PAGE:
June 2007 — Volume 11, Number 1
|Jayme Adelson-Goldstein & Lori Howard (2006)
|New York: Oxford Univ. Press
|Pp. iii + 138
Read & Reflect, Introductory Level is an EFL/ESL textbook for beginner young adults planning to pursue a college education in the U.S. The four main objectives are to develop students’ awareness and use of reading strategies, increase academic vocabulary, provide a forum for students to learn about and discuss American culture, and increase students’ enjoyment of the reading process.
Read & Reflect seems appropriate for the identified audience. It focuses on developing skills that proficient readers and especially students planning to use English in an academic setting will need, such as metacognitive reading strategies and vocabulary development. The topics have appeal for a wide range of different learners since they incorporate several types of reading documents, ranging from movie reviews, advice, and personal anecdotes to conflicting viewpoints. The large number of charts, pictures, and cartoons are also likely to appeal to young adults.
The textbook has answer keys and teacher’s notes in the back. The authors discuss their teaching approaches in the teacher’s notes and also provide tips on using the text. Their beliefs about reading pedagogy include the use of authentic texts, a focus on silent reading rather than reading aloud, the importance of vocabulary development, using context to determine word meaning, and student engagement through opportunities for learners to express opinions and values.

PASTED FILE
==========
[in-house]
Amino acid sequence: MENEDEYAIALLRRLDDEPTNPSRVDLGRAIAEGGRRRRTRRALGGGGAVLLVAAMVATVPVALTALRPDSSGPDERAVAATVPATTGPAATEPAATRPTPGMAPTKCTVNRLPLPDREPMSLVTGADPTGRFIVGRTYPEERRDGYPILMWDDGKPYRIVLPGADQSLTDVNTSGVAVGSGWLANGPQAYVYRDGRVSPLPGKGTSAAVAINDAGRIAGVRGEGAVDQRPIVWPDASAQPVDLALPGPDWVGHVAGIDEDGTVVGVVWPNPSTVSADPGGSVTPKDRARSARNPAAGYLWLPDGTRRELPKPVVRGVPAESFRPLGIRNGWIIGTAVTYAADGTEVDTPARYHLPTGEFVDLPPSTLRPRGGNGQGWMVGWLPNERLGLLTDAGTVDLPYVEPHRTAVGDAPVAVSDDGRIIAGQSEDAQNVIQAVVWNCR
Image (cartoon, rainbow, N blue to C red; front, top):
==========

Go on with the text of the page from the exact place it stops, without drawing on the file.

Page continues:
The text is organized into eight thematic units, each tied to a theme such as happiness or family communication, and including several reading selections and activities focused around the theme. This organization is suitable for an EAP curriculum, as it simulates the demands of academic courses and builds in complexity by introducing new, though related, information as the units progress (Grabe & Stoller, 2001). This organizational method also addresses the authors’ objective of providing a forum for students to discuss American culture.
Each unit contains texts and graphics that the authors state are adapted from or modeled after authentic sources. Readings range in length from a paragraph to a page. All but two lack citations, suggesting most are models rather than adaptations. There are many benefits to using authentic materials, including exposing students to real language and the vocabulary that informs it, increasing motivation, and acknowledging that not all words need to be understood to comprehend a text. As a beginning level book, it is understandable that not all materials would be authentic since readings should complement the students’ small vocabulary and entry level linguistic ability, but one would still expect more authentic pieces than are cited, especially considering the authors’ stated belief in the importance of them.